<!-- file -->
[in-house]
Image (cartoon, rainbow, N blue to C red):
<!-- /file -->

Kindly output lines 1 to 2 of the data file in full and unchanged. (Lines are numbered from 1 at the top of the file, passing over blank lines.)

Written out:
[in-house]
Image (cartoon, rainbow, N blue to C red):